Paradoxical Hyperkalemia In Dka

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Pediatric Diabetic Ketoacidosis

Pediatric Diabetic Ketoacidosis Authors: Katia M. Lugo-Enriquez, MD, FACEP, Faculty, Florida Hospital Emergency Medicine Residency Program, Orlando, FL. Nick Passafiume, MD, Florida Hospital Emergency Medicine Residency Program, Orlando, FL. Peer Reviewer: Richard A. Brodsky, MD, Pediatric Emergency Medicine, St. Christopher's Hospital for Children, Assistant Professor, Drexel University, Philadelphia, PA. Children with diabetes, especially type 1, remain at risk for developing diabetic ketoacidosis (DKA). This may seem confounding in a modern society with such advanced medical care, but the fact remains that children who are type 1 diabetics have an incidence of DKA of 8 per 100 patient years.1 In fact, Neu and colleagues have noted in a multicenter analysis of 14,664 patients in Europe from 1995 to 2007 that there was no significant change in ketoacidosis presenting at diabetes onset in children.2 In children younger than 19 years old, DKA is the admitting diagnosis in 65% of all hospital admissions of patients with diabetes mellitus.3 This article reviews the presentation, diagnostic evaluation, treatment, and potential complications associated with pediatric DKA. — The Editor Continue reading >>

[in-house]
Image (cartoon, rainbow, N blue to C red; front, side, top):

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Popular Questions

  1. crush1staid - 01/17/10 19:33

    well u know half the answer , there is shift from intra to extra cellular ,thus the patient will have Hyper K and when we treat DKA we MUST give the maintance of K bcz insulin will shift K to inra cellular.
    If not giving K with tx then we will produce Hypo K .
    In ICU treating DKA ,K started after making sure pt is urinating.
    I hope this will help.

  2. studyin4ck - 01/18/10 04:29

    so is it right to say total body pottasium is decreased but serum potassium is increased.

  3. eurogirl - 01/19/10 09:40

    You are right guest123, this is the thing!

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